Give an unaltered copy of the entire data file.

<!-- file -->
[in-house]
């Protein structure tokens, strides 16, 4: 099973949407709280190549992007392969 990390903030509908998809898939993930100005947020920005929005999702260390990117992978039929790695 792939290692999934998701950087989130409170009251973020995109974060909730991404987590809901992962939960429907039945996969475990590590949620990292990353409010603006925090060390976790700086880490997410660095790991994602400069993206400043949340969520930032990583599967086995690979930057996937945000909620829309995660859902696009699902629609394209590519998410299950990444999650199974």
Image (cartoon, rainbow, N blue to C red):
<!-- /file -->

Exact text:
[in-house]
């Protein structure tokens, strides 16, 4: 099973949407709280190549992007392969 990390903030509908998809898939993930100005947020920005929005999702260390990117992978039929790695 792939290692999934998701950087989130409170009251973020995109974060909730991404987590809901992962939960429907039945996969475990590590949620990292990353409010603006925090060390976790700086880490997410660095790991994602400069993206400043949340969520930032990583599967086995690979930057996937945000909620829309995660859902696009699902629609394209590519998410299950990444999650199974």
Image (cartoon, rainbow, N blue to C red):